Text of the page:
2 September 2020
The automotive trade associations in France, Italy and Spain report that new-car registrations fell year-on-year in in August. This is despite the existence of government-backed incentives in all three countries. Autovista Group senior data journalist Neil King discusses the latest developments.
New-car registrations were 19.8% lower in France during August 2020 than in the same month in 2019, according to the latest data released by the CCFA, the French automotive industry association. This is a dramatic downturn following the 1.2% and 3.9% year-on-year growth in new-car registrations in the country in June and July respectively.
However, the result does not come as a complete surprise. Whereas the incentives introduced on 1 June for new battery-electric vehicles (BEVs) and plug-in hybrids (PHEVs) remain, the additional bonus for trading in older cars for cleaner new and used cars was exhausted before the end of July. The scrappage scheme reached its 200,000-vehicle cap after just two months, although the Ministry of Ecological Transition did announce the replacement of the recovery scheme with a conversion bonus, which has been in effect since 3 August.
In Spain, 66,925 new cars were registered in August, 10.1% fewer than in August 2019 according to ANFAC, the Spanish vehicle manufacturers’ association. ‘The month, which had started with a positive rhythm, saw its sales progressively decrease and it has not allowed the good recovery data of July to be consolidated. August is always a month of lower sales, due to the holiday period, but this atypical year is also influenced by uncertainty due to the health and economic evolution of the coronavirus pandemic.,’ ANFAC commented.
New-car registrations, France, Italy and Spain, year-on-year percentage change, January to August 2020
Source: CCFA, ANFIA, ANFAC
Italy in negative territory despite new incentive scheme
The market contractions in France and Spain follow three consecutive months of recovery as Europe emerged from coronavirus (COVID-19) lockdowns. In Italy, the year-on-year downturn in August reported by the industry association ANFIA, marks the fourth consecutive month of improvement in the fortunes of the new-car market. Nevertheless, the year-on-year decline, albeit of only 0.4%, is despite the new government incentives that came into effect at the beginning of August as part of the Decreto Rilancio (Relaunch Decree). Italian new-car registrations were 11% lower in July than in the same month last year. A key factor in Italy’s July decline is that consumers decided to hold off until the new government incentives kicked in.
This new scheme comes on top of the Ecobonus scheme, which subsidises cars producing less than 20g of CO2/km. Electric and hybrid vehicles can therefore benefit from up to €10,000 in incentives when scrapping an older vehicle.
€3,500 is now provided for scrapping vehicles that are at least 10 years old when buying a new Euro 6 vehicle with CO2 emissions up to 110g/km, and a price of up to €40,000. Dealers will put forward €2,000 towards the incentive, while the state provides €1,500. Without trading in an older model, the funds drop to €1,750.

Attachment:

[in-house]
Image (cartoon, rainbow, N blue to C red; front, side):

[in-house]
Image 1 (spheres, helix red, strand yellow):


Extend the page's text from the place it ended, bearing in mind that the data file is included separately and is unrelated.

The end of the scrappage scheme in France, in conjunction with dissipating pent-up demand, means new-car registrations may not return to positive growth in the coming months. Spain invariably faces the same challenge but Raúl Morales, communications director of Faconauto, remains optimistic.
‘Despite the negative health performance of the pandemic and its strong impact on economic activity, registrations for the month of August confirm that the sector is evolving more favourably than expected. Showroom traffic has been good, with customers attracted by the opportunity that the Renove Plan represents and the attractive promotional effort that brands and dealers are making. In this way, it can be said that today the automotive industry is in a position to produce a “lever” effect in the rest of the productive sectors and in employment, as long as, facing the last four months of the year, policies to recover economic activity and boost consumption continue to be implemented,’ Morales commented.
Tania Puche, communications director of the Spanish dealership association GANVAM, added; ‘in general terms, August is usually a slow month for registrations because purchases are advanced to roll the car on the vacation trip. This year is especially atypical because it also adds that the outbreaks of the coronavirus undermine the confidence of companies and consumers due to the fear of new restrictions, which affects demand. That's why it's so important to build that trust.’
There is similar positivity in Italy, despite the modest downturn in the new-car market in August. ‘For the first time since the beginning of the year, in August the Italian car market remains substantially stable after the heavy double-digit drops recorded for five consecutive months, from March to July,’ said Paolo Scudieri, president of ANFIA. ‘This is certainly a first positive sign and hope for a gradual recovery of the automotive sector, with market results gradually improving from now to the end of the year.’
The key to recovery of new-car markets ultimately revolves around countries agreeing budgets for 2021, and improving economic certainty and consumer confidence to boost spending. Clarity on the allocation of aid resources provided by the European Recovery fund, agreed on 21 July, will therefore also play a pivotal role in shaping the forward outlook for Europe’s new-car markets.